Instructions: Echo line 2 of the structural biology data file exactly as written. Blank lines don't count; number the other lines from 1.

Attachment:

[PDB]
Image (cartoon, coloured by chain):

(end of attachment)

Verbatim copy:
Image (cartoon, coloured by chain):